What are your all-time favorite British TV shows?
The Day Today, Brasseye, and anything by Vic Reeves & Bob Mortimer make me laugh out loud no matter how many times I repeatedly watch them. Stewart Lee’s Comedy Vehicle is chicken soup for the soul in my opinion, hands down the smartest comedy on television in a long time. I was lucky to see Stewart perform at The Shepard’s Bush Empire a few years back.
My wife is a big fan of BBC mysteries and we’ve spent a lot of time watching Inspector Morse (and all spin-offs). In fact, while in London, we took a bus out to Oxford just to drink in the Turf Tavern and other Morse locales. Miss Fisher, Foyle’s War, Death In Paradise, Wallander, Vera, and Prime Suspect to name a few others. At this point, I’m pretty sure we could easily solve an actual murder in less than an hour.
Two shows I was unhealthily obsessed with as a child that although not English in origin, were shown exclusively on British TV was Ulysses 31 and Once Upon a Time…Space. Damn fine, yet very odd sci-fi animation.
Colin Dempsey’s Ultimate Recommendation List
- Neil Finn
- Nick Drake
- Elliott Smith
- Aimee Mann
- Neko Case
- Thom Yorke
- Neutral Milk Hotel
- The Silver Seas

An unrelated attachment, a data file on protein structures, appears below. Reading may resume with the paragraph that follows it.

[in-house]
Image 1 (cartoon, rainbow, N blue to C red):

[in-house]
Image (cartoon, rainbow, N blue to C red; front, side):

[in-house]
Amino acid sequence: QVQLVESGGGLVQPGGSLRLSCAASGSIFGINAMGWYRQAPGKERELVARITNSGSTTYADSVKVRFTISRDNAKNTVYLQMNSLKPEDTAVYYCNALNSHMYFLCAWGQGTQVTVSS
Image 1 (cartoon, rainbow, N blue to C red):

- Belle and Sebastian
- Billy Connolly
- Stewart Lee
- Daniel Kitson
- Dylan Moran
- Maria Bamford
- Andy Kindler
- Tim & Eric
- Neil Hamburger
Storytelling (all over the U.S.)
- The Story Collider
Venues (New York City)
- Under St. Marks
- UCB Theater
- Cornelia Street Cafe
- Sidewalk Cafe
- Rockwood Music Hall
- Go Faster Stripe
- Chortle (read Colin’s Chortle piece)
- Acorn TV
Irish Bar (New York City)
- The Kettle of Fish on Christopher Street (as a Wisconsinite, Jaime Pond approves!)
4 thoughts on “Q&A with Colin Dempsey”
It’s a gas to learn the favorites of any friend as talented and eclectic as Colin. At the bottom of Jaime’s interview read what gives Dempsey a kick in the pants. I plan to check out the ones I don’t know based on the great number of his favorites we share.
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Reblogged this on Supersmall and commented:
Colin was lucky to chat with Jaime Pond of Anglonerd Magazine recently regarding his comedy and music. If like us, you’re a total anglophile we highly recommend checking out the magazine for yourself (and not just for the interview). It’s filled with everything you miss from Irish & UK television.